It is interesting to read about programming languages. They are very similar to natural languages in many regards. For instance, you tend to prefer the first language that you learn or, failing that, languages that are similar to it. Some times people try to make excuses along the lines of “I know how to do things in that language.”
The languages grow and evolve over time. Idioms arise and fall into disuse as more expressive ones are found. The best languages encourage evolution through function definition at minimum and often through macro definition and expansion.
Macros have always intrigued me. They are code that rewrites code. They help bring the expression of a solution closer to the form that it was originally conceived in the programmer’s mind.
When I first learned about macros, I was convinced that they were a necessary, if perhaps not sufficient, attribute of a language in which an artificial intelligence would be written. I have since come to believe that artificial intelligence will emerge from the substrate of the protocols and distributed computing facilities of the internet. I still suspect macros will be involved in some way.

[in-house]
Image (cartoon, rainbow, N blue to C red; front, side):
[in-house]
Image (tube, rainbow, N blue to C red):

What is a macro? It is a piece of code that instead of encoding a solution directly, allows a programmer to specify how one expression of a solution can be transformed to another, often more complex, expression of an equivalent solution. They often take the form of templates that are filled in with arguments inserted from the macro invocation, after which the resulting code is evaluated as it would be if a programmer had written it directly.
Sweet dreams, don’t forget to tell the ones you love that you love them, and most important of all, be kind.